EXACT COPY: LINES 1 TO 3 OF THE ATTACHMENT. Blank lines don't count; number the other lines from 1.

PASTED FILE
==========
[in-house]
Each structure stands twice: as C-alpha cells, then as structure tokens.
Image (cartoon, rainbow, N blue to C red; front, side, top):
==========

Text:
[in-house]
Each structure stands twice: as C-alpha cells, then as structure tokens.
Image (cartoon, rainbow, N blue to C red; front, side, top):